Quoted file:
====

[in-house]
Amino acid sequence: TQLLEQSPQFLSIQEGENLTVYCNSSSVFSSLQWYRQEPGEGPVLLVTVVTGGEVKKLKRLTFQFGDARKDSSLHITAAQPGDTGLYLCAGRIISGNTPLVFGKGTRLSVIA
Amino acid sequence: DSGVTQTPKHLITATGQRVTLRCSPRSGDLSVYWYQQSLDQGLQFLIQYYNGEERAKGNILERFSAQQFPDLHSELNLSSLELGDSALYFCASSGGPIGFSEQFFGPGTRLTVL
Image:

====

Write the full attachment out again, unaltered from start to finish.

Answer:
[in-house]
Amino acid sequence: TQLLEQSPQFLSIQEGENLTVYCNSSSVFSSLQWYRQEPGEGPVLLVTVVTGGEVKKLKRLTFQFGDARKDSSLHITAAQPGDTGLYLCAGRIISGNTPLVFGKGTRLSVIA
Amino acid sequence: DSGVTQTPKHLITATGQRVTLRCSPRSGDLSVYWYQQSLDQGLQFLIQYYNGEERAKGNILERFSAQQFPDLHSELNLSSLELGDSALYFCASSGGPIGFSEQFFGPGTRLTVL
Image: